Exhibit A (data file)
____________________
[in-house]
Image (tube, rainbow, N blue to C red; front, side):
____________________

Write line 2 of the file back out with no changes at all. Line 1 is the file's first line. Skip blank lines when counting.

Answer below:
Image (tube, rainbow, N blue to C red; front, side):